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Be savvy when it comes to your Personal Savings Allowance

What is the Personal Savings Allowance (PSA)?

As of 6 April 2016, the Personal Savings Allowance (PSA) has meant that basic-rate taxpayers and higher-rate taxpayers can earn £1,000 and £500, respectively, in tax-free savings interest. Additional rate taxpayers do not get an allowance.

These rules, according to HMRC, take roughly 95% of savers out of paying any tax on their savings.

If you already receive interest without tax being taken off, you’ll no longer need to tell your bank or building society that you qualify for tax-free interest.

Note that if your total taxable income, including savings income, is less than £17,500, you won’t pay tax on any savings income.

What counts as savings income?

The following interest counts as savings income:

  • Any interest from bank and building society accounts;
  • interest from accounts provided by credit unions or National Savings & Investment (NS&I);
  • interest distributions from authorised unit and investment trusts and open-ended investment companies;
  • income from government or company bonds;
  • most types of purchased life annuity payments;
  • peer-to-peer lending interest and,
  • interest earned on other currencies held in UK-based accounts

It is worth bearing in mind that interest earned on ISA accounts, tax-free NS&I products and premium bond winnings do not count towards your PSA.

What tax will I pay if I exceed the threshold?

Basic-rate taxpayer: A basic-rate taxpayer’s PSA is £1,000. Anything you earn in savings income, above £1,000, will be taxed at 20%. For example, if you earn £1,250 in savings income, you will pay 20% tax on the £250 excess.

This means £50 will be deducted from your savings income.

Higher-rate taxpayer: A higher-rate taxpayer’s PSA is £500. Anything you earn in savings income, above £500, will be taxed at 40%. For example, if you earn £1,800 in savings income, you will pay 40% tax on the £1,300 excess.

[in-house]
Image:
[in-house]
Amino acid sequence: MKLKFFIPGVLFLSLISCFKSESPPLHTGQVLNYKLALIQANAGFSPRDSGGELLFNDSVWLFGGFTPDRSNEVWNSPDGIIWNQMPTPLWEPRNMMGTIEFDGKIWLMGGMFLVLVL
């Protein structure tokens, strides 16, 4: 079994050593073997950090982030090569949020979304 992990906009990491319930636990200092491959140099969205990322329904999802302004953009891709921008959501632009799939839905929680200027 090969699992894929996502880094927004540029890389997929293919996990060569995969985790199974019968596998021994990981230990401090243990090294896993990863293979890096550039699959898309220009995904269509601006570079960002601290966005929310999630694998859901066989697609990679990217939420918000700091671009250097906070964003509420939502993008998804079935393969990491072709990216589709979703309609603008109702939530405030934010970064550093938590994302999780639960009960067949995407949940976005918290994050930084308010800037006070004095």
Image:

This means £520 will be deducted from your savings income.

What do I need to do?

HMRC has recently updated its guidance in respect of what you need to do to claim your PSA.

If you currently fill out a self-assessment tax return, you should continue to do this as normal.

If you’re a sole bank account holder, not within the self-assessment system, HMRC will normally collect tax via your tax code. Your bank or building societies provide HMRC with the information they require to do this.

Essentially, your personal allowance for income tax will be reduced to accommodate any tax due on savings interest.

However, if you are a joint bank account holder and not within the self-assessment system, you must contact HMRC and report the interest that you have earned on savings.

Applying the PSA to joint accounts

If you are a basic-rate taxpayer and the person you hold a joint bank account with is a higher-rate taxpayer you should be aware of how the PSA applies in this instance.

The basic-rate taxpayer will be entitled to £1,000 tax-free savings interest as before. The higher-rate taxpayer will also be entitled to the same allowance, as before, of £500.

The interest earned on the joint account is assumed to be split equally between the account holders. So, if £1,000 in interest were to be earned, the basic-rate taxpayer would have £500 of their allowance remaining. The higher-rate taxpayer, however, would be left with no remaining allowance.

The higher-rate taxpayer will pay tax at 40% on any savings income received in addition interest on the joint account. The basic-rate taxpayer could, however, earn interest on other accounts up to £500 before any tax would be due.

At George Hay we understand the challenges individuals face when it comes to personal taxation. For a start, the range of personal tax rates and allowances is huge and effective planning is essential.

Whether you’re employed or self-employed, our team of expert tax advisers can help. We can assist with everything from fulfilling your self-assessment obligations and dealing with HMRC, to maximising your tax savings and supporting you in the event of an enquiry.

To find out more about our taxation services, click here, or contact us today.

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